I actually tried the place with the sesame breads at J&L, and had the Shao Da Bing. According to this excellent thread, it is one of the few places in the tristate area to get an authentic Northern Chinese Breakfast:http://www.chowhound.com/topics/247907


                                    1. re: bigjeff

                                      jeff - Thanks for the report. I've gotta get to that noodle place at 41-28. Here's a recent thread on J&L Mall (41-82 Main) that includes a floor plan plus menu pics and translations for three of the vendors in back (hand-pulled noodles, Sichuan, Guizhou noodles) ...


                                      1. re: bigjeff

                                        bigjeff, the following link has an excellent description of the layout and offerings of the stalls at j & l mall (41-82 main st btwn maple & sanford):


                                        i'd been to this food court several times before eade and squid kun posted all those extremely helpful details, but after reading what they had to say (and returning with mandarin-speaking friends), navigating this "mall" became so much easier.

                                        my two favorite stalls at j & l mall are the sichuan chengdu stall in the back (GREAT dan dan noodles) and the northern islamic stand on the left (actually, the islamic guys take up two adjacent stalls, although perhaps they're separate vendors working together). while the food court is open from at least 9am until around 9pm (perhaps later), i've found that it's best to go to the islamic stand early in the day, as they stop serving their excellent breakfast offerings around 12 noon. also, some of their non-breakfast items aren't always available, such as the "red bean filled golden fried glutinous rice pastry" or "steamed lamb buns" that hling described.

                                        at golden shopping mall (41-28 main st @ 41st rd), my favorite stalls are "suen ji yang ruo huei mian" (the flat noodle lamb soup that's the subject of this thread) and "shandong dumpling", which is also located on street level; it's on the right as soon as you enter from the left main street entrance. i discussed "shandong dumpling" in greater detail at http://www.chowhound.com/topics/330368 (not to be confused with my description in the same post of the boiled shandong-style dumplings at best north dumpling shop, which is in a separate mall on roosevelt).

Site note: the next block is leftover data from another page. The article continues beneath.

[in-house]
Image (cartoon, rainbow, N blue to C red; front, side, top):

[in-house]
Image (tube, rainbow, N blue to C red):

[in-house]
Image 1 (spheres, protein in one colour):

i've actually been to a couple of stalls in the basement of golden shopping mall - one is the boiled dumpling place near the 41st rd entrance to the building's basement level, and the other is the shabu shabu eatery located deeper in the maze of hallways. both were solid, but i wasn't blown away. i should note that i've only been to both of them once, and am planning a return trip soon. there are a couple of other places down there that really caught my eye as well, so i'll be back sooner rather than later.

                                        1. re: surly

                                          the shabu shabu looked a bit too fancy, but I wanna try the place thats almost the deepest part of it, across from a woman selling underwear and socks, and right near a DVD store. This would be making a right BEFORE reaching the hotpot place. last time I passed through, I saw a table of maybe 5 people having noodle soup and eating meat right off the pork shoulder bone (pai-gu) what my parents usually make stock out of. that looked pretty insane, as if they just asked the cook for the bones they use for their pork broth. I'm interested, and also, in the basement, in the very first stall when you enter, on the left, the sichuan noodle stall. I saw a woman eating this noodle soup that was swimming in chili oil; it looked really flavorful.

                                          my big question is, who would buy those clothes when the taste of mutton and sichuan chili permeates the steamy humid air all day long?!?!

                                          1. re: bigjeff

                                            Just peroused the downstairs a few hours ago, after eating at J&L up the street. I know what you mean. It's a singularly disarming experience when, just prior to entering a subterranean shabu shabu wonderland, the first thing you see is a collection of knock-off high heel boots at the foot of the stairs.